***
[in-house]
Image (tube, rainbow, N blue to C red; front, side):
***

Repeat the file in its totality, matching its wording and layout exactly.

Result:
[in-house]
Image (tube, rainbow, N blue to C red; front, side):